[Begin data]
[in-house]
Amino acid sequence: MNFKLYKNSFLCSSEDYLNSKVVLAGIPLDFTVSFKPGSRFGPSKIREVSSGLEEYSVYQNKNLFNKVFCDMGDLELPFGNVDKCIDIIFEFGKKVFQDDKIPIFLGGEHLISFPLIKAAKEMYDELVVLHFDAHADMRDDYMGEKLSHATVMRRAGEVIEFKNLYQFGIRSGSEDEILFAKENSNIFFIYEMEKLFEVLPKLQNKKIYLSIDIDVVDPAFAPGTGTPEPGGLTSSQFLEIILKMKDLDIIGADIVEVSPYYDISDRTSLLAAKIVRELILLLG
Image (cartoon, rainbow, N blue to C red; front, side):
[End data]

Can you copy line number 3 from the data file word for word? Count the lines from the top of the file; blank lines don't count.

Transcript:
Image (cartoon, rainbow, N blue to C red; front, side):